The Performance of Data-centric Storage Systems (cont.) • Besides data centric storage, we consider two alternatives: • an External Storage scheme in which all events are stored at a node outside the network; • for external storage, the cost of accessing events is zero, since all events are available at one node • there is an energy cost in sending events to this node, and significant energy is spent at nodes near the external node in receiving all these events (these nodes become hot-spots) • a Local Storage scheme where each event is stored at the node at which it is generated; • local storage incurs zero communication cost in storing the data, but incurs a large communication cost, a network flood, in accessing the data
The Performance of Data-centric Storage Systems (cont.) • analysis shows that the data-centric storage scheme becomes more preferable as the size of the network increases, or when many more events are generated than can be usefully queried • Consider a network of n nodes, in which the cost of sending messages to all nodes (e.g., a flood) is O(n) and the cost of sending a message to a designated node is O(n). see Table 3.
De the total number of the detected events, Q the number of the queries, and Dq the number of the events which are returned as answers for the Q queries
4.3 Mechanisms for Data-centric Storage • the essence of a data-centric storage system is captured at its interface, which supports a put() operation that stores data by name within the network, and a get() operation that retrieves data by name • In this section, we describe a system called a Geographic Hash Table (GHT)
GHT • In a GHT, event names are randomly hashed to a geographic location (i.e., an x, y coordinate). This mapping is multi-to-one • A put() operation stores an event at the node which is the closest to the hashed location, and a get() operation retrieves one or more events from that node • Applications can determine which parts of an event name are used to compute the geographic hash value • Data route to the hashed node by GPSR routing portocol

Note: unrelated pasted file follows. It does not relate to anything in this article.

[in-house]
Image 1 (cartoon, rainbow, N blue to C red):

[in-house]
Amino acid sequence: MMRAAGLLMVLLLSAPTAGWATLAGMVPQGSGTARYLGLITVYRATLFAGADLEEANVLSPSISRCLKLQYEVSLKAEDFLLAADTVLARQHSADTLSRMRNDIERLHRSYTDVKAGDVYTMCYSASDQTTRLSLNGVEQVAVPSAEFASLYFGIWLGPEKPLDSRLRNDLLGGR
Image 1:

GPSR: an Overview • GPSR is a geographic routing protocol that was originally designed for mobile ad-hoc networks • Given the coordinates of a node, GPSR routes a packet to that node using location information only • GPSR contains two different algorithms: greedy forwardingand perimeter forwarding
GPSR (cont.) • Greedy forwarding • Assume each node in a network knows its own location, and that of its neighbors • When a node receives a message destined to location D, it sends the message to another neighbor C which is closer to D than itself • Such a neighbor might not always exist; in this case, GPSR invokes perimeter routing at that node
GPSR (cont.) • perimeter routing • When a packet finds itself at a node which has no neighbors closer to the destination than itself, we say that the packet has encountered a void • Voids can result from irregular deployment of nodes, as well as from radio-opaque obstacles • A natural technique to route around a void is the right-hand rule (Figure 5) • According to this rule, a traversal walks around the perimeter of the void • When this traversal reaches a node that is closer to D than A, greedy forwarding resumes.
GPSR (cont.) • Assume that GHT hashes an event to a destination location d, and, without loss of generality, that no node exists at that location (Figure 6) • When a packet returns in perimeter mode to the node that originated the perimeter traversal, the corresponding event is stored at that node.